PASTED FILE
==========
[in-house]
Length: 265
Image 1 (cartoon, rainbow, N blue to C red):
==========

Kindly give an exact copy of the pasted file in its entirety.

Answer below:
[in-house]
Length: 265
Image 1 (cartoon, rainbow, N blue to C red):